There have been concerns that the government’s national titling drive – Order 01 – undermined the process of issuing collective titles. The program prioritized registration of individual over communal property rights. Officials claimed that community titling was a complex, time-consuming process that would divert resources away from titling efforts across the country. Therefore, the surveying and registration of collective indigenous community property was postponed. Nevertheless, many households in indigenous areas were offered private rather than communal ownership titles.22

At present, once community members obtain individual title they are unable to obtain collective title over communal land, though the Government plans to create a process for converting individual titles to collective titles. Offering private titles to indigenous communities has become a contentious issue. NGOs report that the practice can cause social division because when members register communal land as private property, they first must formally leave their communities.23 After leaving, they are no longer eligible to collectively own indigenous land.

There have been reports of survey teams pressuring families to leave their communities and accept individual titles.24 Researchers from Heinrich Boll Cambodia asserted that the practice of misleading and pressuring villagers to accept private titles and thereby forgo claims on communal land was widespread under the Order 01 program.25 They claim the government used the titling program to divide communities in the resource-rich regions where indigenous peoples reside.

In addition, it has been reported that under Order 01 indigenous households’ uncultivated land and forest land is often not surveyed by cadastral teams.26 Because of this, individuals who accept private titles may lose access to communal spiritual forest land, burial grounds or uncultivated land important to traditional agricultural practices. Worse, there have been reports of companies appropriating unregistered land important to indigenous communities after surveys have ended in contested areas.27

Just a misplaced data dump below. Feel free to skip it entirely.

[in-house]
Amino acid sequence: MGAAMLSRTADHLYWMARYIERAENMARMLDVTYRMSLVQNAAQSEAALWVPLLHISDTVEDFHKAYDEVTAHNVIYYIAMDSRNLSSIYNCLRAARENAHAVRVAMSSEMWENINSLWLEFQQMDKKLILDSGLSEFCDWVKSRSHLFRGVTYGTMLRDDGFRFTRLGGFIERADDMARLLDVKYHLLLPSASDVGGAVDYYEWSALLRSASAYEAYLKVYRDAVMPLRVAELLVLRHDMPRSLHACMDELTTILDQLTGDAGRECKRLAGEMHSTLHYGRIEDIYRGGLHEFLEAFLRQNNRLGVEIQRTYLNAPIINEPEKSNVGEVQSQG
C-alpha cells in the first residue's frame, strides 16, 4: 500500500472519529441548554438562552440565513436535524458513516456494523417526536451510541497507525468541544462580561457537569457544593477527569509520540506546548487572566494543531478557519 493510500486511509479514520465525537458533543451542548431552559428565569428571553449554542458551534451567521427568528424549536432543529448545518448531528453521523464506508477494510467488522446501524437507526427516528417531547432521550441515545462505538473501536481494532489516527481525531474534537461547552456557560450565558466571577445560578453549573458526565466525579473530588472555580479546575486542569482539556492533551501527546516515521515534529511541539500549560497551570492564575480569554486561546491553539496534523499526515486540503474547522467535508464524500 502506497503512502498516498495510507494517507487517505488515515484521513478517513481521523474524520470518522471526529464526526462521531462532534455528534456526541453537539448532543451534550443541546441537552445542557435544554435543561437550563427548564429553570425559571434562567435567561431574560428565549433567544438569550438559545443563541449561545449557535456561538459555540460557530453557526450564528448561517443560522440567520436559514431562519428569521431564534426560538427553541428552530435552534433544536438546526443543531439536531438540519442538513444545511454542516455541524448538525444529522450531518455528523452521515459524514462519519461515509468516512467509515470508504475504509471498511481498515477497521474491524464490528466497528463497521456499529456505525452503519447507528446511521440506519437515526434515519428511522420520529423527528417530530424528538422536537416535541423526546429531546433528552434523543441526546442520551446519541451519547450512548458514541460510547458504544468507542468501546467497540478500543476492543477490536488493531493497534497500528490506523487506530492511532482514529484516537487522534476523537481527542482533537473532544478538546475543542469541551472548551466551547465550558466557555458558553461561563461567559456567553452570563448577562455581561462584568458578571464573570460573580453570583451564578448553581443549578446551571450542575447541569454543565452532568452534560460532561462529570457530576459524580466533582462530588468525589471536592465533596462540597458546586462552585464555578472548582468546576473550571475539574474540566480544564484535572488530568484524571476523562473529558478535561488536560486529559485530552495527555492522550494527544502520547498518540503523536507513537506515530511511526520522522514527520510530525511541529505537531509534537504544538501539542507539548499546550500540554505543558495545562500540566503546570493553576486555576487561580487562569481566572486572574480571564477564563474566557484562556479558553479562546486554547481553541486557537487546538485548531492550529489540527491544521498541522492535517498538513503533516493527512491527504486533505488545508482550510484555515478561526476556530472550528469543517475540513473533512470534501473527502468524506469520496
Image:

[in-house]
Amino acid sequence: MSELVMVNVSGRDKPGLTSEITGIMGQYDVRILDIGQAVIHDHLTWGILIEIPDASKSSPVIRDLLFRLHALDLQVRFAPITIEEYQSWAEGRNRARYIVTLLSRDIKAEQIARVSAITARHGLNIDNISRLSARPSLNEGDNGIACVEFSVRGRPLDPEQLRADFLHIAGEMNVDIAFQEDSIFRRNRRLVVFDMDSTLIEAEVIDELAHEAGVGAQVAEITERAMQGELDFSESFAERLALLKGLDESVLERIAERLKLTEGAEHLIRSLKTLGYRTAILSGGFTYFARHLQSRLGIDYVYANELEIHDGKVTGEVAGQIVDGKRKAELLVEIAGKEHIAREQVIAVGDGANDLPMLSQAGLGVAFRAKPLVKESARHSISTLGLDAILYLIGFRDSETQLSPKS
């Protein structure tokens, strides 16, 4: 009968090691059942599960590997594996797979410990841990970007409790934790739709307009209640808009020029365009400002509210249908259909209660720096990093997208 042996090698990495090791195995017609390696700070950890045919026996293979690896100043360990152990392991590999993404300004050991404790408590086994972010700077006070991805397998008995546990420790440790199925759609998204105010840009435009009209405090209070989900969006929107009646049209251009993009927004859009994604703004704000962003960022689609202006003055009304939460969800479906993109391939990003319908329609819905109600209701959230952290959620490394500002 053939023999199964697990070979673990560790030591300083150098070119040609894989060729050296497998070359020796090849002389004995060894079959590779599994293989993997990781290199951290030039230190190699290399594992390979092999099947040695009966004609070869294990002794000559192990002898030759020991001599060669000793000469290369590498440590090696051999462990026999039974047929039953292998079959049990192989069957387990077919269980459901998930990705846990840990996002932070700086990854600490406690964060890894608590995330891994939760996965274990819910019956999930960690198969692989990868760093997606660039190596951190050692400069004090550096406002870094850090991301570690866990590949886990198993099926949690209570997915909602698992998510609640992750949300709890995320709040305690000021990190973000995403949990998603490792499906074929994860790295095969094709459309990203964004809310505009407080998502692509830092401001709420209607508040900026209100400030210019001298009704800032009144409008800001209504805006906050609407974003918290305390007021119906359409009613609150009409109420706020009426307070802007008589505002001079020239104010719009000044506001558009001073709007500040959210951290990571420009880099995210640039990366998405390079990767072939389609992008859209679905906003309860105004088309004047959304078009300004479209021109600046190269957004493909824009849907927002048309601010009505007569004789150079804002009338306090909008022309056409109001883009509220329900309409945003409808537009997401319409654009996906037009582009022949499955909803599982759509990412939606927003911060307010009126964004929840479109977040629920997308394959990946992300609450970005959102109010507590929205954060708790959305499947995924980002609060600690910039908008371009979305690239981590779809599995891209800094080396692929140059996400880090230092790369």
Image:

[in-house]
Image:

A more recent study of Order 01 did not find evidence of widespread coercion of communities to accept titles.28 The report found that in some cases indigenous households accepted private titles for pragmatic reasons, including to protect their property from an immediate threat or to secure credit. The study also noted instances when community members were encouraged to accept individual titles and others where indigenous households did not receive title for all their parcels of land, which subsequently became more vulnerable to appropriation by outsiders.29

The government has acknowledged the criticism of titling in indigenous areas. While denying claims of pressure by survey teams to induce community members to accept private titles,30 officials have made policy commitments to improve indicators related to titling indigenous communal land.31

Other forms of communal property include community forests and protected community areas. Please see the respective pages for more information on community forest and protected community areas.

Related to communal land

Last updated: 28 November 2018